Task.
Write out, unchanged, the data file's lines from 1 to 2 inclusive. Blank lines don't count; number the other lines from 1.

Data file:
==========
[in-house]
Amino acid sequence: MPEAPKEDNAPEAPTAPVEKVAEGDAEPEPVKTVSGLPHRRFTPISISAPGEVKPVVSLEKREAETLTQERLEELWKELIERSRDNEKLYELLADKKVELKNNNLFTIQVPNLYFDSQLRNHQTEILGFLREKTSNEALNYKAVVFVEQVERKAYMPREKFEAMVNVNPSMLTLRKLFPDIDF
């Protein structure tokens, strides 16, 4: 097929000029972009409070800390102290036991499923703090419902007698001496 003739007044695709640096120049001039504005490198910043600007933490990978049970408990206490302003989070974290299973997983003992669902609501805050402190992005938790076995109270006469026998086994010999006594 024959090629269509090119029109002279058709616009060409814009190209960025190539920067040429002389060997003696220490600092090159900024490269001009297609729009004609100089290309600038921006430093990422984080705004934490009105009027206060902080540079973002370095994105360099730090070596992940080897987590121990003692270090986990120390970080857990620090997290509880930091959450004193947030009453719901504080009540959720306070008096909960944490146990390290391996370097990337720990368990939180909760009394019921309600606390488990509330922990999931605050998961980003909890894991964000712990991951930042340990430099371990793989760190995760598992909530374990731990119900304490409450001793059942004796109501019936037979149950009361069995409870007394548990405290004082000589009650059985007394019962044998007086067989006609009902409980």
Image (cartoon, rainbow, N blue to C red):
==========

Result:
[in-house]
Amino acid sequence: MPEAPKEDNAPEAPTAPVEKVAEGDAEPEPVKTVSGLPHRRFTPISISAPGEVKPVVSLEKREAETLTQERLEELWKELIERSRDNEKLYELLADKKVELKNNNLFTIQVPNLYFDSQLRNHQTEILGFLREKTSNEALNYKAVVFVEQVERKAYMPREKFEAMVNVNPSMLTLRKLFPDIDF